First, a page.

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‘Gothicism’, ‘historicism’, and the overlap of fictional modes from Thomas Leland to Walter Scott

instead, whisking them away from their family seat in Cornwall to Grey Cliff Tower, his ancestral home in ‘the north’. 73 En route, Emmeline is captivated by ‘the rude fells of those northern regions’ and echoes Burkean ideas of the natural sublime in finding her ‘imagination’ ‘exalted’ and her ‘thoughts’ ‘entertain[ed]’ by the ‘stupendous waterfall[s]’, ‘distant mountains’, and ‘majestic promontor[ies]’ that everywhere meet her eye ( Trecothick bower , vol. 1, pp. 148, 150). Emmeline's sublime experience of the north is further enhanced by ‘the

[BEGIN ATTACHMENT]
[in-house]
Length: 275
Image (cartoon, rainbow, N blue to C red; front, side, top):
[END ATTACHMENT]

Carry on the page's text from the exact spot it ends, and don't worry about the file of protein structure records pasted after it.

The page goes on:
in The gothic novel in Ireland, c. 1760–1829